• When you’re happy there is no play, re-torque the stem clamp bolts.
  • If there is play at the headset, loosen the stem bolts a little and tighten the top cap slightly. Check your results and adjust as necessary.
  • When you’re happy there is no play, re-torque the stem clamp bolts.

How to service a threaded headset

  • As with a threadless headset, you first need to establish what is wrong with your headset (if anything).
  • Bounce the front wheel off the ground a few times. A rattling sound indicates the headset is loose.
  • If the bars lock in the middle and point straight, it’s either too tight or the bearings are heavily worn.

Tools required:

Threaded headsets require specialist tools.

  • Headset wrenches (typically 32 or 36mm)
  • 4, 5 and 6mm Allen keys
  • Rubber mallet
  • Grease and degreaser
  • Torque wrench
  • Thin threadless headset washers
  • 5/32 or 1/8in loose ball bearings or headset cartridge bearings

Step 1

  • Remove the front wheel to make servicing easier.

Step 2

Removing a quill stem will often require a tap with a mallet.

Next, remove the quill stem.

For older 1-inch quill stems, you’ll need to dislodge the stem wedge first in order to remove the stem.

Using a hex key, loosen the wedge bolt by turning it anticlockwise until it protrudes just enough to give it a sharp blow with a rubber mallet.

It’s worth keeping a few threads engaged to prevent the cone or wedge from dropping into the steerer.

Step 3

Remove the stem and bars, and attach them to the bike’s top tube with an old toe strap so the cables aren’t left dangling.

Drop the fork by removing the brake, and the mudguard if required, then unthread the locknut and upper cup.

The size of headset wrench required will depend on your headset. If you’re unsure of what size you need, measure using a set of vernier calipers across a pair of parallel wrench flats.

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Step 4

In this case, cone and cup wear is pretty easy to see.

 

Remove the bearings and inspect their condition. Thoroughly clean both the bearings and cup with a degreaser and a rag.

If the system uses loose ball bearings in a cage, look closely at the surfaces of the bearing path – if it’s worn, evenly spaced pockmarks should be clearly visible, each little crater corresponding to an individual ball bearing.

When the headset is ridden too tight or too loose over extended periods, each bearing gradually carves out a little nest for itself. The process is greatly accelerated by grit and contamination from wet conditions.

If this is the case with your headset, a way to get around this is to pack in extra bearings during reassembly.

Cartridge bearings are far easier to determine their condition. Run your finger on the inside and if they feel gritty or notchy, they’ll require replacement. Again, some premium options from brands such as Chris King or Campagnolo can be serviced.

It’s worth keeping hold of the old cartridge bearing until after you’ve fitted a replacement in case there are any issues.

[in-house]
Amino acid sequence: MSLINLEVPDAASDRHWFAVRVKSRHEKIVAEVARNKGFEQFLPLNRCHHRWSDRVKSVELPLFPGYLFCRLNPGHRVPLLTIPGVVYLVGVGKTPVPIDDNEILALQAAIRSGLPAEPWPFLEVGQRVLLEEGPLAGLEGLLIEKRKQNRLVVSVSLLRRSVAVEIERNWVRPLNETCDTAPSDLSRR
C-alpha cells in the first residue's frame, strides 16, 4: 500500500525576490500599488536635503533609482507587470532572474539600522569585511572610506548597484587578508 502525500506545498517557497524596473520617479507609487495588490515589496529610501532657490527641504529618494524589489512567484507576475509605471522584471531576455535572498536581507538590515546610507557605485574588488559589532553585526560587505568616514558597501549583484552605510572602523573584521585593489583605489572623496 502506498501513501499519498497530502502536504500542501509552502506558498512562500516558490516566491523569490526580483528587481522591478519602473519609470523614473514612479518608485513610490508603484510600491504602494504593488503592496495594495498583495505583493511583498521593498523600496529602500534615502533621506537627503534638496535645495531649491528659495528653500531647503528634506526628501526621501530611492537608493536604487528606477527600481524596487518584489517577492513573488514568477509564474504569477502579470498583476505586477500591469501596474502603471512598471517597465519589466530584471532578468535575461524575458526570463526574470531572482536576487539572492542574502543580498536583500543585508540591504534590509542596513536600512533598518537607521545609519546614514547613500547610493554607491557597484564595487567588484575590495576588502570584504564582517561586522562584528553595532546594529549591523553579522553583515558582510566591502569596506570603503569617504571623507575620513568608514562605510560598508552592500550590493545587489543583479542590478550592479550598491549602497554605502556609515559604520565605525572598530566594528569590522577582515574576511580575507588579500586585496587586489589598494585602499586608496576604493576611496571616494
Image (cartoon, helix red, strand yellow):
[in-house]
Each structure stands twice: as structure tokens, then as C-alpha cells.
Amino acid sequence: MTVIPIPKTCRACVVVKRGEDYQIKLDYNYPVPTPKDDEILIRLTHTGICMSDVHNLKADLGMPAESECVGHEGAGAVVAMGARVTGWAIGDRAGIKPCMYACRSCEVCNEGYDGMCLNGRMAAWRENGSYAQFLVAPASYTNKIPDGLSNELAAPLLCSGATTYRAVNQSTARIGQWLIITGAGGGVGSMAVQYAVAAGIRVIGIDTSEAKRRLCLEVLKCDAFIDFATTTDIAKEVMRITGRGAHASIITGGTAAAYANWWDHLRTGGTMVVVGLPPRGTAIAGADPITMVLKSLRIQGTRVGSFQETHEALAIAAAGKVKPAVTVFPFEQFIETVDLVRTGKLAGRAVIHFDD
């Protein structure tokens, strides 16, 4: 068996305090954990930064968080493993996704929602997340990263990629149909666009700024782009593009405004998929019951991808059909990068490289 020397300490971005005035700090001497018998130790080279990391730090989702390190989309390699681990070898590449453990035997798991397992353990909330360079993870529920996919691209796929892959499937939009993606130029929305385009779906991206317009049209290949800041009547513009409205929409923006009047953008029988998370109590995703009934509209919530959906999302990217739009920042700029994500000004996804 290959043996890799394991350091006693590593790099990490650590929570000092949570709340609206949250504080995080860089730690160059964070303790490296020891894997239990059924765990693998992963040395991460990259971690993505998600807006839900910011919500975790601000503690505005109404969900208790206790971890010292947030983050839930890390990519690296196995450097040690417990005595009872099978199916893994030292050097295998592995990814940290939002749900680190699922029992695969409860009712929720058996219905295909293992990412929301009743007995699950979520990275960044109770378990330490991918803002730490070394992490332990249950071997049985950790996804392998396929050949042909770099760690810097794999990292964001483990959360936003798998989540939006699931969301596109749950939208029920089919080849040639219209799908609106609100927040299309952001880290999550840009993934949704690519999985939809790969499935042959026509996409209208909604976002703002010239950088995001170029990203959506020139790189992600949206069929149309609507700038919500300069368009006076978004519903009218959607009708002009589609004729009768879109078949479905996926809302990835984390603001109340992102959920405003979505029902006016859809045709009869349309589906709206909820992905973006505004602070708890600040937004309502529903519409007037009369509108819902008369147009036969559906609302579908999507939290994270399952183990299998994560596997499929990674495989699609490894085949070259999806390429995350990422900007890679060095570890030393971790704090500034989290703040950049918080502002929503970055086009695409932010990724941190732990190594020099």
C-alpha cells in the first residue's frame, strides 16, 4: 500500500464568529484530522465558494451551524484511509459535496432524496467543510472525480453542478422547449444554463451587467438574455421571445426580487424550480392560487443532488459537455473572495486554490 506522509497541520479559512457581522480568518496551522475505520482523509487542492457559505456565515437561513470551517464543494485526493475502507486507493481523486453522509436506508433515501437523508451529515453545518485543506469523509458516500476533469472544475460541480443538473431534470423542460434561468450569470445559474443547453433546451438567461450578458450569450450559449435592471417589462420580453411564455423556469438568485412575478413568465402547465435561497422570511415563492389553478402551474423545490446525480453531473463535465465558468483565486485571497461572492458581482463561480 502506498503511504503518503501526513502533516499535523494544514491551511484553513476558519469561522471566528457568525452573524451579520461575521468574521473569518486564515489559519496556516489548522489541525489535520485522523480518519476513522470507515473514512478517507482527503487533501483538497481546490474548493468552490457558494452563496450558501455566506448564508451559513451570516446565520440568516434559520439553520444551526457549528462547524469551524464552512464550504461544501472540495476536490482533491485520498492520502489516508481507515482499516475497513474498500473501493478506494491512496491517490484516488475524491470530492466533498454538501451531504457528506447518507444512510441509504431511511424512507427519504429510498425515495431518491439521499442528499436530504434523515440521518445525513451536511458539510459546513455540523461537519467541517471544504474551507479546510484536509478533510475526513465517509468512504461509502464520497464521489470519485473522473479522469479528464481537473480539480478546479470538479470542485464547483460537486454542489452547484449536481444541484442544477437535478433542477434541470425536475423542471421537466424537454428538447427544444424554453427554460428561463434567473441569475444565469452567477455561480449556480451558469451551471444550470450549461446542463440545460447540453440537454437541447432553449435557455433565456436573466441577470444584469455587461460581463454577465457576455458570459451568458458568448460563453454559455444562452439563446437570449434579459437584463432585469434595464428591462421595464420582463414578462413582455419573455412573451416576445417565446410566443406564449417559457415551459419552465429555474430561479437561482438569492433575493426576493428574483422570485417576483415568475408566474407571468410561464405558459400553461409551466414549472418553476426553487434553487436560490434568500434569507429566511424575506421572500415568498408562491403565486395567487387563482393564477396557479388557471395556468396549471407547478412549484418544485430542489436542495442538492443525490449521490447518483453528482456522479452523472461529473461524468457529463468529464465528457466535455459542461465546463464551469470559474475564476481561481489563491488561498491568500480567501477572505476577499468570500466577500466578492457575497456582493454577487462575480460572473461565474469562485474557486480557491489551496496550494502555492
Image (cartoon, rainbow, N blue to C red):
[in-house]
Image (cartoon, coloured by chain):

Step 5

Replacement ball bearings should be available at your local bike shop.

 

If you’re replacing the ball bearings, they will most likely be 1/8in or 5/32in in diameter and should be available from your local bike shop.

Add some grease, enough to hold the loose balls in place, and add bearings until they fill the cup, ensuring they’re positioned correctly in the race on the bearing path. The grease should help the bearings stick together so they don’t fall onto the floor.

If you’ve spotted wear to the bearing surfaces, you could try to pack in additional bearings to bridge the gap to prevent them from further digging in again.

The idea is to end up with bearings occupying the undamaged areas of the cones and cups.

Otherwise, it’s best to simply replace the cups. You’ll need to use a specific bearing press and drifts for this, which can be expensive, so you may want to enlist the help of your local bike shop.

If you’re replacing a cartridge bearing, it’s advisable to add a layer of grease to the bearing surface before slotting the cartridge in. It’s then worth adding some additional grease to the bearing itself.

Step 6

  • With the bearings replaced or freshly greased, It’s now time to reassemble the system.
  • Reinstall the fork and thread on the locknut, taking care to replace any spacers there might have been.
  • The locknut should be snug and just contact the bearing. Fine adjustments can be carried out shortly.
  • Then, reinstall the quill stem and tighten it to its required torque with a torque wrench.

How to adjust a threaded headset

Older, threaded headsets will require a couple of spanners to adjust.

 

  • Holding the front wheel or frame between your legs, with the bars as leverage, carefully place an appropriately sized headset wrench over the locknut and turn anticlockwise.
  • Some headsets will use different-sized spanners for the upper and lower nuts, though this is uncommon.
  • If it’s particularly tough, try turning the lower cup clockwise to free it, releasing the top locknut.
  • Adjust the lower cup until there’s no play, but free movement, then lock down the top nut.
  • This may take several attempts and it’s always best to work in small increments – sometimes even an eighth of a turn is enough to achieve an optimal result.